Hi Gregor,
          comparing my answers of the Codingbat problems to yours and I have learnt quite a bit form your examples.
          However, here I have to agree with Frank. You solution on “has12” is flawed.
          To quote: “if there is A 1 in the array with a 2 somewhere later” specifies a single possible case not a case for each ‘1’. Franks case is indeed needlessly complicated, and your needlessly checks the entire array and gives some incorrect outcomes.

          This is clearer:
          boolean has1=false;

          for (int i : nums) {
          if(i == 1)
          has1 = true;
          if(has1 && i == 2)
          return true;
          }
          return false;

          Reply
          1. Gregor Ulm Post author

            It doesn’t really matter what we think the specification means. Nick Parlante, I presume, wrote the test cases on the Coding Bat website, and he would need to be the final arbiter in this case. I think my interpretation is obvious, and the only plausible one. You think the same about yours. My code passes all test cases on the Coding Bat site; yours presumably does as well. Since the test cases permit at least two solutions who differ in a non-trivial aspect, this problem is therefore underspecified. (Please note that I do not want to encourage you, or anyone else, to email Nick Parlante about this matter.)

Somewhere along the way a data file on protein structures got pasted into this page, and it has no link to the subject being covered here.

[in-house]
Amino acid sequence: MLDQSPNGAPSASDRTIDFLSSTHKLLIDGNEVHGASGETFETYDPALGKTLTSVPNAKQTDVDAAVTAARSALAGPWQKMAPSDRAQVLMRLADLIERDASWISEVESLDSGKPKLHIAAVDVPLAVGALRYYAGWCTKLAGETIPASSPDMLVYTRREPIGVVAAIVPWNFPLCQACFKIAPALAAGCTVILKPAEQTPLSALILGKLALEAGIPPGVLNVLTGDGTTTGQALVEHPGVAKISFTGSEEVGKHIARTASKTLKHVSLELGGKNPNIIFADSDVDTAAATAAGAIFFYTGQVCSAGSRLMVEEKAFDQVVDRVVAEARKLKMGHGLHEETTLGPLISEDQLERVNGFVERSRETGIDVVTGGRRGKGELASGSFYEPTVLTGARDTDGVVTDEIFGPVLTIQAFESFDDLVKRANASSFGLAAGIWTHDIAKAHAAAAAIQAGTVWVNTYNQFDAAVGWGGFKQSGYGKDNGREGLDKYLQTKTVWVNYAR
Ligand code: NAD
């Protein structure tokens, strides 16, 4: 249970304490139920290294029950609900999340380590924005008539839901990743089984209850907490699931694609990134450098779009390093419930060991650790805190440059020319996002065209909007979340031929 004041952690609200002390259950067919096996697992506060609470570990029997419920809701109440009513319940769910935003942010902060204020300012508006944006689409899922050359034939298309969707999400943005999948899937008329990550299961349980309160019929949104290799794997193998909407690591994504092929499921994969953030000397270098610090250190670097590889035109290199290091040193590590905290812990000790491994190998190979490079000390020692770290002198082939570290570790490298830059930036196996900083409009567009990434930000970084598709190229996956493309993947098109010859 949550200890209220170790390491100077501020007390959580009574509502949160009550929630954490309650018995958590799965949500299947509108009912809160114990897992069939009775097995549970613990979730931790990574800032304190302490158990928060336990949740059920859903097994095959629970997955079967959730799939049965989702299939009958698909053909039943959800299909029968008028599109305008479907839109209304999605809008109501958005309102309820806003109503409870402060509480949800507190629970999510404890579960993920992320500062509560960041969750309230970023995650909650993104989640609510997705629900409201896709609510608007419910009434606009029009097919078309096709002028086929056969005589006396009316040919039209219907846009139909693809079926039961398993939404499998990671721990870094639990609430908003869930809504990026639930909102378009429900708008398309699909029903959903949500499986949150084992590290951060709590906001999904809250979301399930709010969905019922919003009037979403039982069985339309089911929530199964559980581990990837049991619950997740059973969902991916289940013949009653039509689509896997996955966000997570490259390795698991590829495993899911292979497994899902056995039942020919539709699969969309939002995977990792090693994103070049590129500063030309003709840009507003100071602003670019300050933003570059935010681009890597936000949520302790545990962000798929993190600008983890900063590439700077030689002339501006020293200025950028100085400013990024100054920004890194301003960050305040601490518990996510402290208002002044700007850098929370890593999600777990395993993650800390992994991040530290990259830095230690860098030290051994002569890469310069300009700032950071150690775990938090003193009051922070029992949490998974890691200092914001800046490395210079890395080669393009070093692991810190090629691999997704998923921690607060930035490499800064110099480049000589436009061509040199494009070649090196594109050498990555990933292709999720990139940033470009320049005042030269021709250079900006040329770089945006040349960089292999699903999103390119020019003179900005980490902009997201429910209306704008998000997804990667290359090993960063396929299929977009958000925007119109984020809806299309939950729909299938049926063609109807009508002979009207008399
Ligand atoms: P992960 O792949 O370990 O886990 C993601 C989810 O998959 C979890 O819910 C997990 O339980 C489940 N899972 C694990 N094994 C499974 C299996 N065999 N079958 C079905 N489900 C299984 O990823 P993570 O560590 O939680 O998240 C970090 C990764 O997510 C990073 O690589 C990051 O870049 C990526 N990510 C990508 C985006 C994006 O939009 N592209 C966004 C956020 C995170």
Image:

3. Frank

    Hi Gregor,

    Concerning the “modThree” exercise, I would have a remark/alternative solution. The solution below is slightly less verbose than yours, as it only checks that three consecutive elements have the same parity, without checking whether they are even or odd.

    public boolean modThree(int[] nums) {
    for(int i = 0; i < nums.length-2; i++)
    if( nums[i] % 2 == nums[i+1] % 2 && nums[i+1] % 2 == nums[i+2] %2 ) return true;
    return false;
    }

    Thank again for the great work provided.

    Reply
  4. whistl3r

    the modThree solution is elegant. You should have seen the 60 line “solution” that i spent so many days on that btw did not work all the way looked like. Thanks for uploading it…

    Reply
  5. Wayne

    Hi Gregor,

    For twoTwo, I think your solution didn’t take into account the situation where three “2” are placed in the middle, for example {3,3,2,2,2,1,1,3}. Following is my solution: